Details of how the 40% increase in Britain's aid spending on Afghanistan have been unveiled by the government, as the motivation for the shift begins to be questioned by critics.
International development secretary Andrew Mitchell is spending the day touring some of the projects in and around Kabul which the extra money will be spent on.
Unveiling the details of the proposed boost from the current £500 million budget, he said the extra money would be used to stabilise insecure areas, stimulate the Afghan economy and improve the effectiveness of the Afghan government.
"Using the UK's aid budget to secure progress in Afghanistan will be my number one priority," Mr Mitchell said.
"Well-spent aid is in our national interest. Nowhere in the world is this case clearer than in Afghanistan.
"Whilst the military is there to bring much-needed security, peace will only be achieved through political progress backed by development."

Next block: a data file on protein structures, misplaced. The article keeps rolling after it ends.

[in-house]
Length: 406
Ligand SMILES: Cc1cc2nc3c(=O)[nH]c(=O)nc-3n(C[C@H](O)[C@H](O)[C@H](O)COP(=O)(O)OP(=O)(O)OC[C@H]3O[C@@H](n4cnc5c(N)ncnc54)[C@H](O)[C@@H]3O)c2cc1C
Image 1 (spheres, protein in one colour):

The emergency Budget confirmed international aid and spending on the NHS are the only two areas protected from sweeping spending cuts across Whitehall.
Some are beginning to suggest the ring-fenced aid budget is being undermined by the concentration on Afghanistan.
Writing in an article for politics.co.uk, development expert Hannah Redmond warned that the 40% increase in aid "seems questionable".
"Afghanistan would and should receive aid as a country with great poverty, but the level DfID plan to increase seems disingenuous and linked to military advancement and political goals rather than any humanitarian concern for the Afghan people," she suggested.
Mr Mitchell is visiting Afghanistan alongside foreign secretary William Hague to attend the Kabul conference on progress and development in Afghanistan.